John Dewey

Easton Press John Dewey books

The School and Society - Books That Changed The World - 1991


John Dewey biography

John Dewey, born on October 20, 1859, in Burlington, Vermont, was an influential American philosopher, psychologist, educational reformer, and social critic. His work profoundly impacted the fields of education, psychology, and philosophy, and he is considered one of the foremost figures in the development of pragmatic philosophy. Dewey received his education at the University of Vermont and Johns Hopkins University, where he was exposed to the experimental and empirical approach to knowledge that would shape his philosophical outlook. He began his academic career as a professor, teaching at the University of Michigan, the University of Chicago, and later at Columbia University.

At the heart of Dewey's philosophy was pragmatism, a belief that the value of any idea or theory is determined by its practical consequences and its ability to solve problems. He rejected abstract and dogmatic approaches to philosophy, emphasizing the importance of experience, experimentation, and the scientific method. Dewey's impact on education was profound. He advocated for a progressive, student-centered approach that emphasized learning by doing, critical thinking, and the integration of education with the broader social context. His seminal work, "Democracy and Education" (1916), outlined his educational philosophy and argued for the importance of education in fostering a democratic society.

What did educator John Dewey likely mean when he urged that children be taught to think creatively?

When John Dewey advocated for teaching children to think creatively, he emphasized a holistic and progressive approach to education that went beyond rote memorization and traditional methods. Dewey's ideas were deeply rooted in his pragmatic philosophy and his belief in the importance of experience and problem-solving in the learning process. Dewey argued for an educational approach that engaged students actively in the learning process. Rather than passively receiving information, students should participate in hands-on activities, experiments, and projects that stimulate their curiosity and critical thinking. He believed that education should focus on developing practical problem-solving skills. Teaching children to think creatively involves presenting them with real-world problems and encouraging them to explore various solutions, fostering adaptability and resourcefulness. He advocated for an integrated curriculum that connected different subject areas rather than treating them in isolation. This interdisciplinary approach allows students to see the interconnectedness of knowledge and encourages them to think creatively across various domains.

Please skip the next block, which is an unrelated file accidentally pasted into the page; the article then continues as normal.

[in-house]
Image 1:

Dewey emphasized the importance of providing students with some degree of freedom and autonomy in their learning. Allowing students to explore their interests and pursue projects of personal significance fosters a sense of ownership over their education and encourages creative thinking. Creative thinking, according to Dewey, involves critical thinking skills. Students should be encouraged to question, analyze, and evaluate information rather than simply accepting it. This approach helps them develop a deeper understanding and the ability to think independently. Dewey was a proponent of experiential learning. He believed that students learn best when they actively engage with the material through firsthand experiences. Whether it's through experiments, field trips, or other hands-on activities, the emphasis is on learning by doing. He saw education as a means of preparing individuals for active participation in democratic society. Creative thinking, in this context, involves the ability to engage in civic discourse, understand multiple perspectives, and contribute constructively to societal progress.